5. The anti-trafficking movement has evolved significantly over the last decade, which is a testament to the dedicated efforts of numerous individuals, organizations, and grassroots initiatives. The story featured in Sound of Freedom took place ten years ago. Since then, there have been significant changes in both methodology and language ensuring individuals with lived experience do not experience re-exploitation.
6. Creating pathways to freedom for trafficking victims requires collaboration and effort from multiple individuals and organizations. As a movement, we commit to ongoing learning and best practices. Many survivor-led and locally led organizations are doing incredible work, which is deeply connected to the communities they serve, providing culturally sensitive and relevant support. It is important to amplify their stories and engage with their work.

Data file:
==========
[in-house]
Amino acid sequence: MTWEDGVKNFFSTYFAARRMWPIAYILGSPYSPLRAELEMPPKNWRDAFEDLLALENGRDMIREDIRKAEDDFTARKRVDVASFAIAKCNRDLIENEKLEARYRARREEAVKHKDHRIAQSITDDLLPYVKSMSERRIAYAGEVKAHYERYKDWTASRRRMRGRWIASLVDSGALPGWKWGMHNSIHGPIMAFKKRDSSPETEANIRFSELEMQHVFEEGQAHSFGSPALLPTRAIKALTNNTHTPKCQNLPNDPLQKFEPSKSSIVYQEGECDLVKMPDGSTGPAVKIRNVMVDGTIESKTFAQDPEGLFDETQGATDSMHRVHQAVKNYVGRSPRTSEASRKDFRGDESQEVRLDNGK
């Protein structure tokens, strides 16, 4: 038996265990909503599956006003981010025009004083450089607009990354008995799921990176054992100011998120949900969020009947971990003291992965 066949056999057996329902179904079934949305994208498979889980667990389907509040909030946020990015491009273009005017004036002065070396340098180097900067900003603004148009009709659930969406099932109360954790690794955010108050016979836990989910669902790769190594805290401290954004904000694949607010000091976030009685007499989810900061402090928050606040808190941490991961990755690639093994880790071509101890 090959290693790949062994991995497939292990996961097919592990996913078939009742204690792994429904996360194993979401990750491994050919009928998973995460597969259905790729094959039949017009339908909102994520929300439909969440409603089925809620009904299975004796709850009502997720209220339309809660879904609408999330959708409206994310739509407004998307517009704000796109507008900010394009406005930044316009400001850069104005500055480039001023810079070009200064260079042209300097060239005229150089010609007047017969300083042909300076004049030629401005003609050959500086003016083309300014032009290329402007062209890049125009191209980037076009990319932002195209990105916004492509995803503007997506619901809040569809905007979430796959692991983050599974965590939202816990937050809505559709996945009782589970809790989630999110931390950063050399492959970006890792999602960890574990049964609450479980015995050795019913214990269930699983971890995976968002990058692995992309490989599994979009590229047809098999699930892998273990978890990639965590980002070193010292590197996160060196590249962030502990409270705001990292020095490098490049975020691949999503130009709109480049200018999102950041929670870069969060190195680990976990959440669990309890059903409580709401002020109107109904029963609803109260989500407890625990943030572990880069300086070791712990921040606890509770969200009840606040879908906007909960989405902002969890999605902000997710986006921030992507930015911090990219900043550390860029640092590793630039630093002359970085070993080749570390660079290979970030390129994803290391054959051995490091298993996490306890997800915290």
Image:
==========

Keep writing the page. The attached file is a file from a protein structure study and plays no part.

7. We must share stories responsibly, supporting survivors, and promoting meaningful change in the fight against human trafficking. It is paramount for us to tell the stories surrounding human trafficking in a way that respects the dignity of those affected. These stories carry immense weight and significance, and it is crucial to present them with sensitivity and empathy, avoiding any sensationalism or further exploitation. By doing so, we honor the experiences of survivors, victims, and their families, fostering a deeper understanding of the issue and inspiring meaningful action.